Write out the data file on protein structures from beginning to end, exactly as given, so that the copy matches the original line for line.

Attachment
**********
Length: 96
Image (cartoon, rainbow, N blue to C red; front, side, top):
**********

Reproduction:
Length: 96
Image (cartoon, rainbow, N blue to C red; front, side, top):